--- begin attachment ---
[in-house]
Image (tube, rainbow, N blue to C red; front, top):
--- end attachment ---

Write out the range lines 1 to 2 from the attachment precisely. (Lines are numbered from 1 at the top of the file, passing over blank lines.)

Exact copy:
[in-house]
Image (tube, rainbow, N blue to C red; front, top):